We´ve already discussed anchovies because there are a few decent places to acquire canned and ready-to-eat anchovies here.
However, there is another Cantabrian speciality that you must try, and that is relatively easy to transport: soba´s pasiegos.
It´s a traditional sponge cake from Cantabria´s Valles Pasiegos region.
Flour, sugar, butter, eggs, salt, lemon, and a smidgeon of liquor are used to make it.
They are delicious and have a protected regional designation that distinguishes where the sobaos are produced and packaged.
The Pas region is located in the middle section of the Autonomous Community of Cantabria, between
The Pas and Pisuea rivers.
Small boutiques and attractive shops, where you can get clothes, shoes, and branded products, are also located in the same area as the market.
In a nutshell, Santander´s exquisite shopping district.
Very busy and busy streets from morning to afternoon, such as Calle Ataulfo Argenta, Calle Hernán Cortés, Calle San José, Calle del Medio and Calle Arrabal.
How to get there: bus lines 1, 2, 3, 4, 6 and 7 at the Correos stop.
Address: Mercado del Este.
Hernán Cortes Street, 4
It is the Botin Foundation´s new Santander Museum, which opened in 2017.
Designed by Renzo Piano, an Italian architect known for his many works and recipient of the Pritzker Prize, the most prestigious honour in architecture, he got in 1998.
Marcelino Botin and his wife Carmen Yllera founded the Botin Foundation in 1964 to develop artistic, cultural, educational, and scientific initiatives, as well as assistance for social institutions that create cultural, social, and economic richness in Spain and abroad. Latin America is a continent in South America.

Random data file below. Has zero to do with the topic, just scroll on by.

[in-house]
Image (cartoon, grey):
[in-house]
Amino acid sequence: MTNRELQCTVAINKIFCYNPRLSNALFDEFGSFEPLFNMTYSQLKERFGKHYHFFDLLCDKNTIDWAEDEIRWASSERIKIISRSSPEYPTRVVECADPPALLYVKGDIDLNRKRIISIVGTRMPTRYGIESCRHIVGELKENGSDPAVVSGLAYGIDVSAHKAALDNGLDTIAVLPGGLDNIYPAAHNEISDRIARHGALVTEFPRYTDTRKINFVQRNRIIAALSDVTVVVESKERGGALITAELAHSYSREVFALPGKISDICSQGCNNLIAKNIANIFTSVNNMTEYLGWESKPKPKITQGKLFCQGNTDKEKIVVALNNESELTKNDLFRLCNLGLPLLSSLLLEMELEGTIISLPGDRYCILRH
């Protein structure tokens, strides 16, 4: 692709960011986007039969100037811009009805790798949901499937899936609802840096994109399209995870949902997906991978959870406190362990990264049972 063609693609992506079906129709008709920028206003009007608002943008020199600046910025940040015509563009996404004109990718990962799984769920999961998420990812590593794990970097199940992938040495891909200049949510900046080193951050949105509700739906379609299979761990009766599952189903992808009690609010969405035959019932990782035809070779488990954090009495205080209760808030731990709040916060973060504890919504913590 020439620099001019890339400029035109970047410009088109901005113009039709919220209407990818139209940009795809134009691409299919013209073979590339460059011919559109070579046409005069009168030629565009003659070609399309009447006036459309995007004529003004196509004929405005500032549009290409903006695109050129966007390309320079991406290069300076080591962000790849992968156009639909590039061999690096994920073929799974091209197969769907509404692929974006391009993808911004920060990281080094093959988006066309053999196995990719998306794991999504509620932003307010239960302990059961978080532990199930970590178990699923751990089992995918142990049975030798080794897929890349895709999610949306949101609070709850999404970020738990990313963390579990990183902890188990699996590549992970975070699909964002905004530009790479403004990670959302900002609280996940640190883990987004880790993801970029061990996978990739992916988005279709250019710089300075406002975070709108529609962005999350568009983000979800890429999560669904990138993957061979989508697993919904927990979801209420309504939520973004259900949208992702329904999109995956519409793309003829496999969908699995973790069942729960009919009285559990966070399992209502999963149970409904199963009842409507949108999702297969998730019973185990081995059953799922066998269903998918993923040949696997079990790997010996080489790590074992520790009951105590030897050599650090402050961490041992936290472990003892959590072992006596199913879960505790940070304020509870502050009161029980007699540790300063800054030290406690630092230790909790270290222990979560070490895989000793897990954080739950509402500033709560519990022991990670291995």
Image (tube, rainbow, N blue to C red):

The Botin Center´s missions include research, training, and dissemination, intending to become an international reference centre.
The Botin family is one of the most well-known in Santander, Spain, and the financial world.
He has nearly continuously presided over the famed Banco de Santander since 1904.
Emilio Botin López, married to Maria Sanz de Sautuola, was elected president in 1904. He and his father were the first to find the Altamira caverns in 1879.
After Emilio Botin López (1904-1923), the presidency was handed over to outsiders until 1950, when it was returned to the Botin family, who continued to direct it.
The Botin Centre is a structure in the Bay of Santander that consists of two different-sized chambers supported by columns and pillars partially suspended over the sea.
The building´s cladding, which is made up of 280,000 small ceramic discs that conform to the building´s geometry and give the façade an iridescent appearance depending on the light, is one of the main attractions.
The largest of the two structures is devoted to art and features a 2,500-square-meter exhibition hall.
There is a store and restaurant section on the ground floor with huge windows.
The smallest of the structures is used for educational purposes and has a vast terrace with views of Santander Bay.
The Pereda Gardens were also affected by this project, as the traffic that today passes beneath the area was buried, thereby tripling the size of these central and attractive gardens.
The gardens opened in 2014.
How to get there: Buses 1, 2, 3, 4, 6 and 7 at the Paseo de Pereda stop.
THE WRECKERS "LOS RAQUEROS".
The Raqueros Monument, located on the Paseo de Pereda in Puerto Chico, is one of those places that will touch our emotions and undoubtedly want to photograph.
It´s part of the city´s history from another age, and it´s one of its most recognizable features. It´s a portion that needs to be remembered.
The raqueros were orphaned, poor, marginal youngsters that wandered around the port at the end of the 19th century and early in the 20th century, surviving by minor stealing or by waiting for the crew or passengers of the ships to toss some cash into the water, which they would jump to dive for.
People paid them to save goods from the flood, becoming a tourist attraction.
They were always bare-chested or barely clothed.
Some believe the word raquero comes from a related word, robbers.
Others claim it´s a Castilianization of the English word wrecker (boat robber or shipwreck looter).
The English screamed from the boats and which the locals pronounced as raquer.
In front of the pier, where they had to flee the cops on occasion, the artist José Cobo Calderón commemorated these lads in four bronze statues with extraordinary accuracy in their faces and actions in 1999.
The history of the raqueros is explained on a historical plaque, and it is undoubtedly a spot you will want to remember.